Music is the universal language.
Have you ever been singing along with your radio, at full power of your lounges, invaded by a powerful feeling?
Or, when hearing a song together with unknown people, didn’t you have a strange feeling of connection with them?
Music has the power to express feelings far much better than words. It speaks beyond any language.
The same words expressed in an opera can burst you in tears while just only reading them in the script could let you indifferent. (At the end of the buzz, you can make a little experiment concerning to this.)
Music makes each and everyone willing to get involved, of being part of it, of some kind of relationship.
One of its primaries functions is to breed and to fasten social cohesion and having people´s brains status aligned so they can belong to a larger community than themselves.
Music and dance. Music can change us physically.
There is no "music center" on the brain. All parts of the brain get involved in the experience of music. Music is a whole neural system activity.
Memories, associations, expectations, and a wide variety of deep primordial emotions are all affected by music. Other systems, on which the movement of the body is involved, are automatically motivated in order to put the music in motion, as dancing.
By listening to a beat, you might start tapping your foot before your brain even notices the music.
Music can make you feel physically different after listening to it, if you never listened to a certain kind of music, it can throw a burst of dopamine which can effectively change your brain physically, as much as learning is a process on which new connections happen in our brain.
Experiencing same music differently
Sound is a construction of the brain, based on what a physicist can measure, vibrations varying on intensity, but it is needed a brain to distinguish between a car horning or a bird singing or the sound of the breeze.
Different mindsets can make a difference when listening to music. Some can hear music by the breeze on a tree, while others can only listen to music if they are willing to hear it.
Basically and initially, our brain is not “hard-wired” to any particular kind of music, it is the exposure to a kind of it, which “customises” our brain, educating it to make its own expectations when hearing a fragment of a music.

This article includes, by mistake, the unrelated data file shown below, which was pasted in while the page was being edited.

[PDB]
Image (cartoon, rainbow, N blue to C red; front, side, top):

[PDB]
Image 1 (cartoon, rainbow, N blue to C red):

For the same reason, if our brain is customised, and expects to hear a note while hearing another, it will mishear the note and adapt it to its previous knowledge.
And the same will happen to the feelings it can awake on us.
If you come from a western culture, an Italian song could move your feelings, but if you hear the same issues involved in an Asiatic or Indian song, it could let you indifferent.
When you hear a fraction of music, the brain fills it with a much larger representation of it based on cultural expectations.
Pitch, rhythm and timber are the three of the basic blocks on which music is built on.
Unconsciously, our brain can “understand” different tones by associating metaphors to real life experiences, like a baby crying or a lion roaring.
Nevertheless, one of these tunes, put in a different context, can give a completely different response.
Watch it! While we speak, we produce music too.
We change the tune, the tempo, the timber, and with it, we are showing different emotions.
The “OK” your wife would say if you are inviting her for a romantic dinner, will sound absolutely different to the “OK” if you tell her you are going to be late after work, even if she says the same word.
As long as we can express the same word with a different intonation depending on our emotion at this very moment, the same thing we need to be aware of the “musicality” of the words we hear from others.
Many misunderstandings in a conversation can take place due to cultural background, the intonation expressed, and the intonation expected.
Even if due internet we could think we are in the era of communication, we are far from expressing ourselves much better with music than with spoken words, not to say if we compare spoken words with written words.
Credits to: Bobby McFerrin, Jamshed Bharucha, Provost and Senior Vice President of Tufts University; the James McGill Professor of Psychology and Neurosciences at McGill University, Daniel Levitin; Professor of Cognitive Neuroscience at the University of Sheffield, Lawrence Parsons. June 12, 2009 World Science Festival event "Notes & Neurons: In Search of the Common Chorus". (here is the link, starting at minute 10:30)https://www.youtube.com/watch?v=t8I2Xt54bwY
Take the following words of a Puccini opera, Turandot. It is sung by Calaf, who falls in love at first sight with the beautiful but cold Princess Turandot. However, any man who wishes to wed Turandot must first answer her three riddles; if he fails, he will be beheaded. In the aria, Calaf expresses his triumphant assurance that he will win the princess.
“None shall sleep! None shall sleep!/Not even you, oh Princess,/in your cold bedroom,/watching the stars/that tremble with love and with hope!
But my secret is hidden within me;/no one will know my name!/No, no! On your mouth/I will say it when the light shines!
And my kiss will dissolve/the silence that makes you mine!
No one will know his name,/and we will have to, alas, die, die!
Vanish, o night!/Fade, you stars!/Fade, you stars!/At dawn, I will win!”
No matter if you understood the basics of the story.
Your feelings will dramatically change when you hear the music
That’s the power of music. Enjoy.
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